The biggest low was in Las Vegas, where I almost fell into a sex trafficking situation. Because they don’t force you into sex trafficking. They [pimps] would just coerce you gently, over time. They might buy you things, or something, and then all of a sudden you owe a debt. And it was a very slow, gentle process. And I didn’t realise what was happening to me in my naivety. I was 24, and this concept of when you actually reach adulthood — it’s another conversation — but you’re definitely not an adult at 24 or 25. That’s for sure. But you’re expected to be. Society expects you to be and believes that you are, but you’re not. And one of the girls said to me, “Do you actually know where you are?” And I was like, “Well yeah, he said he was going to help me get a bus to Utah, to St. George to go and see my friend.” And she was like, “Girl no he’s not.” She was like, “He is a pimp. He’s actually just waiting for you to do your first job.” And I was, you know, “Don’t be silly, I went to private school, he wouldn’t do that. Never.” You know, “I grew up in Karen.” And then something snapped, and it just hit me. I was very conscious of the fact that when you cross that line, it’s very hard to get back across. And I’ve been sober for five years now.
Nandi on Now, Emotional Intelligence + The Future
Emotional intelligence is not just the identification and awareness of emotion. I also believe that it is the ability to generate and appropriate emotional energy in situations that are going to be of service to you or to your environment — or your society, or whatever the case may be. The difference is that you’re choosing to manage this emotion as opposed to the emotion managing you. So as an EI professional, I create realistic scenarios that allow people to get into their emotions. I do group sessions, I do individual sessions, but we don’t just do a role play or something. I put people through real life situations or things that they’re going through. Emotional intelligence can be applied to a multitude of situations. And the reason is this: we are, as human beings, we are emotional creatures. We are made up of these opposing forces that need each other in order to maintain balance in the universe. If you look into Egyptian mythology or theology, the gods had to take time — time that we can’t conceptualise as little human beings — to develop their emotional bodies. Because when they didn’t develop their emotional bodies and they were given universes, they brought them to destruction.
So who are we to think that we are any different? If we came from them. If we were created in their image. And it’s really important because as Kenyans, as Africans, we’re deeply spiritual peoples. And God is a punishing God. If you do something bad, then you’re going to make God emotional about you — you’ve pissed him off. Because for some reason you think you’re that special.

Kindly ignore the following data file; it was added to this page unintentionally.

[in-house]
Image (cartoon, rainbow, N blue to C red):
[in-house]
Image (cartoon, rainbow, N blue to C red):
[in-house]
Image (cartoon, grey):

BUT God is love, and love is an emotion. It can be an emotion, it can be a state, it’s got everything to do with everything. We have all these insecurities, and these insecurities bring up different emotions, and then we act from those insecurities, from those emotions — we perpetuate them instead of seeing that your body is just creating a completely natural response to the fear that you’ve given it. And when you look at emotions, emotions vary in quality, quantity, and duration, which means that if you don’t have the ability to control them or manage them, you are an unreliable human being because your authenticity, your integrity, your ability to operate effectively in your environment varies in quantity, quality and duration.
And so as a people, we need to become more cognisant of the fact that we’re all dealing with the same things. No one person differs from the other. We cannot punish a president because he doesn’t have an outlet or a safe place to be a human being because we don’t allow him or her to be a human being.
Nandi on Work
I’ve created a programme/pathway that is designed for the Sub Saharan market. It is designed so that it is empowering for Africans, so that we’re not just buying programmes from England or the US to tell us how to appropriate ourselves. We have our own culture, we have our own history, and we want to share that with the world. Just like we will prepare to go to a board meeting in London, we want the Londoners to prepare to come to a board meeting here and be able to take on our cultural responses, our cultural filters and not impose theirs on us.
And speaking on this, one of my favourite authors that I’m reading right now is actually a Kenyan man, and he wrote this book that you see me flipping through: African Religions and Philosophy by John S. Mbiti. I’m reading this book by John S. Mbiti because he says something that I think is so profound. He says, “African soil is not so infertile that it cannot grow ideas of its own.”
And we need to remember that. Western society is a beautiful thing, but we are no longer a colonised nation. We’re post colonial. We can start growing and fertilising our own soil.
Body art by Lindsay Obath